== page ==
ramsey yousef, the mastermind between 1993 world trade center bombing and umar mutalab, the so-called underwear bomber." the official talked to me on condition of anonymity. but it is expected the white house will send it to congress as early as thursday. anthony yes? >> jamie mcintire reporting. a shift in tone from russia, prime minister medgedev said a bomb shall have brought down the plane over egypt last month. terrorism is a possible explanation for the crash. it is said there is strong suspicion a bomb blew it from
the sky. in september, researchers said lowering blood pressure guidelines could save thousands of lives but they didn't give the exact numbers. now, the data is out and it is impressive. that's next. the global agency that fights against doping in sports says russia may have to be banned entirely from the next olympic games.
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athletic officials in russia are disputing a report that says the krmlin helped athletes cheat and the world anti-doping agency's investigation could lead to the country being suspended to next year's olympics. the story from geneva. >> reporter: in the swiss sunshine, a dark day for the sport of athletics. an independent commission set up by the world anti-doping agency to investigate claims of systemic doping in russia returned its verdict. >> our recommendation is that the russian federation be suspended. >> reporter: if it doesn't fix the problem, no russian athletes at the rio 2016 olympic games. >> this report says there is a deeply rooted problem.
some of whom are coerced into financial programs programs. one accredited lab is accused of having destroys samples. richard pound said it goes beyond one sport, one country. >> it simply can't be only russia and only athletics. i mean we know there is a problem of doping from the positive tests but in lots of other sports and in lots of other countries. so we just wanted to make it clear that, you know, our mandate was pretty narrow. russia athletics. but there is no reason to believe it's only athletics, and there is no reason to believe it's online russia. >> the commission was only formed due to a documentary on german television a year ago. the allegations within that film have seen them overwhelmingly johned indicated. russian suppoporting authoritie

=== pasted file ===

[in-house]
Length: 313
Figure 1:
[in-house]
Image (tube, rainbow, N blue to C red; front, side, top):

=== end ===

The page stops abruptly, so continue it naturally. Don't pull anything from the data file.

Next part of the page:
have said at this endemic. >> this is to cast a shadow over all of russia sport. it's unacceptable. i can reassure you russian sport is one of the leaders in the world in fighting doping. >> the iaaf has begun to take action. >> i have asked the russian if he hadrations, the athletics federation to answer the allegations made in the pound report. i have asked my counsel to convene on friday this week. we will review what they have said. and then we will look at the next steps, which could include sanction. >> with questions about how widespread the problem really is, he faces leading at a time sport of athlet i could back into the line. >> we told you about new guidelines for blood pressure. at the said lowering it from 130 to 120 could save lives in people over 50. now, we are seeing the hard data that backs up the claims.
the researchers studied more than 9,000 people. of the people with blood pressure levels that met the current recommendations, 210 died during the study, but among those who lowered their target blood pressure to 120, just 125 died. let's bring in dr. paul weldon, professor of epidemiology at tulane university and the lead investigator in the study. he joins us from orlando. good to have you with us. the bottom line. is that your study found significantly lower blood pressure in middle aged and older americans can lead to significantly longer lives. >> that's right, antonio. we studied a group of hypertensionives over the age at 50. they were at high risk of cardiovascular employedisease bg them down to the lower than country recommended blood pressure level, we reduced the vifk of cardio vascular complied kaksz by 25% and mortality by
27%. so very, very impressive reductions. and in fact, the study was stopped early because the results were so impressive. >> were so impressive that people needed to know about them. >> right. >> to achieve those lower blood pressure, moert patients will need more medications. >> would mean more side effects. how big a concern is that? >> well, you are always bound between benefits and risks. we saw some possible risks although we don't really know exactly how much risk yet. it may just be short-term changes. but i would say here the medications we are using were standard maid indications that any practitioner would use. we were careful to use preferred drugs, if you will doses, very careful about our blood pressure measurements and actually, to get the difference we saw, which was a big difference in blood pressure, it was only one medication and difference. >> right. >> very, very achievable. >> it did seem that the